Jewels

Words by the Rev. W. 0. Cushing Music by G. F. Root

"When he cometh, when he cometh,
To make up his jewels.”




This hymn was written by the Rev. W. O. Cushing and set to music by G. F. Root, and is one of the most popular children's hymns in the world. He wrote many hymns for me, among the most popular of which may be mentioned, ”Hiding in Thee” and ”There'll be no Dark Valley."

The Rev. William Orcott Cushing was born in Hingham, Mass., 1823, and was converted while yet a child. He entered the ministry, and continued therein for many years, until he partly lost the power of speech. This caused him to give up preaching, but the prayer which he made, ”Lord still give me something to do for thee!” was wonderfully answered, and he was permitted to write hymns for children, many of which have been blessed to tens of thousands throughout the world, whom his voice as a preacher could never have reached.

“Jewels” takes rank with ”Come to the Saviour” and ”I am so glad that Jesus loves me, ”two of the most popular children's hymns in the world. The Rev. Mr. Cushing died 1902.

A minister returning from Europe on an English steamer visited the steerage, and after some friendly talk, proposed a singing service—if something could be started that ”everybody” knew—for there were hundreds of emigrants there from nearly every part of Europe.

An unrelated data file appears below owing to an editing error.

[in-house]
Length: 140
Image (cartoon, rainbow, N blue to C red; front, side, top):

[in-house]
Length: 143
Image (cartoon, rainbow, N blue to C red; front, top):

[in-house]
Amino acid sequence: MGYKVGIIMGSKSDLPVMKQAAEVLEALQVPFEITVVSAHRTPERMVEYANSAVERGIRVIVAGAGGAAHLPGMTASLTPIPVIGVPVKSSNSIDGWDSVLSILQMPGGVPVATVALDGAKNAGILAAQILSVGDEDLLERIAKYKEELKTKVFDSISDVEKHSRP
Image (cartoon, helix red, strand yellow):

“It'll have to be an American tune, then, ”said the steerage-master; ”try ' His Jewels.'“
The minister struck out at once with the melody and words—
"When he cometh, when he cometh,"

and scores of the poor, half-fed multitude joined voices with him. Many probably recognized the music of the old glee, and some had heard the sweet air played in the church steeples at home. Other voices chimed in, male and female, catching the air and sometimes the words—they were so easy and so many times repeated—and the volume of song increased, till the singing minister stood in the midst of an international concert, the most novel that he ever led. (Theron Brown's Story of the Hymns and Tunes.)

George Frederick Root, Doctor of Music, the author of the tune, was born in Sheffield, Mass., 1820, and died 1895.